After discussing the benefits of using Google Notebook for online genealogy in previous posts, I was wondering what other alternatives to Google Notebook might be available and did some poking around.
One application that caught my attention was Zotero. While targeted at individuals doing academic research, this browser extension looked like it could be of use to genealogy researchers, as it offers much of the same functionality as Notebook. One feature that particularly caught my eye was the ability to store snapshots of web pages, then annotate and highlight them, something which you cannot currently do in Notebook.
The Zotero tool installs within your browser (Firefox, Navigator & Flock), and behaves much like Google Notebook (sleeps in the corner of the browser, toggling between mini and full-page views, etc.) The interface is markedly more complicated than that of Google Notebooks, and so the learning curve is greater. I have fooled around with it for a while, and still find myself a little confused by the various features, and how to integrate them to the most effect.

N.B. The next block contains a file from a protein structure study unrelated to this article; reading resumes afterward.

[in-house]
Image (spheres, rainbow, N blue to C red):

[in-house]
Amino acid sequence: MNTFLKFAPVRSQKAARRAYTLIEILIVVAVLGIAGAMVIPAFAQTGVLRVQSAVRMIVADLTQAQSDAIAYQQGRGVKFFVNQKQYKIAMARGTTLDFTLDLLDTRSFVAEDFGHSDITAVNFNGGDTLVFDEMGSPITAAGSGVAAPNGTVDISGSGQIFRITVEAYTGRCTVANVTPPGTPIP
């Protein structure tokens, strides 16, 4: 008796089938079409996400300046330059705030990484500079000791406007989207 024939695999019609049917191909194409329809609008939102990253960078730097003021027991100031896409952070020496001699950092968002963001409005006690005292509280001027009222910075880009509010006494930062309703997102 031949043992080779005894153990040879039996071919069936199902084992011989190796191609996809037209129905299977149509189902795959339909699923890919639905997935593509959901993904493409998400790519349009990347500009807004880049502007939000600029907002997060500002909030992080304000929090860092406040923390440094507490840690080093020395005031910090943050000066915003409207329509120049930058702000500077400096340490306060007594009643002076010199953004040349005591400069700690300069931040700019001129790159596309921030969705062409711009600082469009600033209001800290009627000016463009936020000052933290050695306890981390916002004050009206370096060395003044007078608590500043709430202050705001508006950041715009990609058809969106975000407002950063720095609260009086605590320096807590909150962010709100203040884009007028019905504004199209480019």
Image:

The application has a comprehensive demo tour, which outlines its features. I have yet to really feel like I can just dive in and do research with Zotero, at least to the extent that I can with Notebook. Granted, I have been using Notebook longer, but the interface and the framework around which Notebook is set-up--general browsing and high-function bookmarking, vs. Zotero's more rigid research and citation structure--just feels more natural for the way genealogy research flows online. I would have loved to have something like Zotero when I was in graduate school as a literature student. As a genealogy researcher, Zotero just seems like overkill.
I'm going to give it more time, though, and see if I can't find a way to make the academic tenor of Zotero work for the broad-based research I do on behalf of my family trees.